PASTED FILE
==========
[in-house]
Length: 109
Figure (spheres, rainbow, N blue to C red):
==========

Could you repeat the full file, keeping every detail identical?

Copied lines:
[in-house]
Length: 109
Figure (spheres, rainbow, N blue to C red):